2013 year in review: Soccer

By Ant Sims 23 December 2012

From Zambia winning the African Cup of Nations in a thrilling penalty shootout, to Safa suspending its president and four other officials in the wake of a Fifa report on match-fixing in Bafana Bafana’s run-up to the 2010 World Cup, the stream of football action has been relentless. ANT SIMS reflects on the highs and lows of a year that felt like an eternity.

Soccer  – sorry, football – seems to never end. Fans of the game seem to be constantly drip-fed a stream of some or other tournament which is on the go somewhere and yet, miraculously, nobody ever seems to tire of it. In 2012, there were plenty of talking points and plenty of controversies, some old, some new, but the entertainment was seemingly endless.

Zambia wins 2012 Afcon

As romantic sports stories of the year go, nothing will beat Zambia’s triumph over Ivory Coast in the Africa Cup of Nations this year. Nearly a decade after tragedy descended on the Zambian team when a military plane crashed into the ocean, killing 25 players and officials on board as well as a state news agency sports reporter and the military transport plane’s crew, Zambia won the Afcon tournament. A thrilling penalty shootout which ended 8-7 in Zambia’s favour was enough to leave headline writers and those with a love for the human side of sport in tears. The highlight of the spot-kick decider was probably Zambia’s keeper Kennedy Mweene stepping up to slot in a penalty.  The man showed some serious balls, no pun intended.

Chelsea winning the Champions League

Forget parking the bus, Chelsea anchored a cruise ship in their Champions League final clash against Bayern Munich. The Germans eventually found a way to the back of the net through Thomas Muller in the dying minutes of the game. Didier Drogba then equalised and the game went to extra time and Chelsea eventually won on penalties. Chelsea are far from the picture-perfect club with their rich Russian owner firing coaches like crackers on Diwali – including Roberto Di Matteo, who helped them win the Champions League final. What the club did show was that you don’t always need artistry to win trophies.

Bafana get a brand new coach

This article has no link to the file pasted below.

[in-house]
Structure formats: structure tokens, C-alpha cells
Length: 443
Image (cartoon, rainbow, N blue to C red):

For years, those in charge of the national football team have thought that their failings on the pitch lie with the person who coaches them. So this year, they fired Pitso Mosimane and put Gordon Igesund in charge, adding that they expect the Durbanite to pull several rabbits out of a hat with a hole in it. Igesund is expected to take the team to the semi-final of next year’s Afcon and he needs to help the side qualify for the 2014 World Cup in Brazil. It’s quite the mandate and even for the magician, it’s a tricky task. He’ll have to do all of this without Steven Pienaar, who decided that international football is not for him and he’d rather stick to the English Premier League. One player hardly makes the team, of course, but Igesund has heavy expectations resting on him.

Goal-line tech

This year Fifa has finally made strides towards actually implementing the technology in leagues and matches across the world. At the Fifa Club World Cup, the technology was in place, but there were hardly any conclusions drawn from it as it simply wasn’t needed.  The closest it came to being called into action was in the final, when Corinthians’ goalkeeper Cassio dove to stop a shot by Chelsea’s Gary Cahill in the 11th minute. Cassio trapped the ball under his legs about a foot in front of the goal, but play went on as it was clear that the ball never crossed the line. Sepp Blatter, however, insists that the technology is here to stay and there will be further tests at the Confederations Cup and at the 2014 World Cup.

Euros, the complete non-event

Did you even know there was a European Cup this year? Remember any of it at all? No? Don’t worry, neither did we. While glossing over the major talking points of the year, this scribe had to pick the brains of an esteemed writer for an  Afrikaans newspaper to help recall what else happened in the world of soccer.  Spain won and England couldn’t make it past the group stages, in case you forgot. It was business as usual, except for Greece making it to the quarter-finals, which made the Daily Maverick’s Styli Charalambous very excited and then severely disappointed.

Fifa match-fixing report fingers Safa officials

For some odd reason people still react with shock and dismay when a match-fixing saga hits “the beautiful game”. It was no different when Fifa presented Safa with a 500-page report on some dubious events in friendlies leading up to the 2010 World Cup.  Safa responded swiftly, placing its president and other officials on “special leave” while it investigates. Fifa says in its report there is “compelling evidence” that untoward things happened in a number of Bafana Bafana friendlies. Safa has promised swift action. We suspect that those looking for answers or insight might define “swift” and “action” rather differently than the association. DM

Photo: Chelsea football player Didier Drogba holds the Champions League trophy during a victory parade along the Kings Road in Chelsea, west London May 20, 2012. REUTERS/Paul Hackett


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